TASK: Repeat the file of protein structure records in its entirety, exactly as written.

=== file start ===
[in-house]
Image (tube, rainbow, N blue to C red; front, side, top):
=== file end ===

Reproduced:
[in-house]
Image (tube, rainbow, N blue to C red; front, side, top):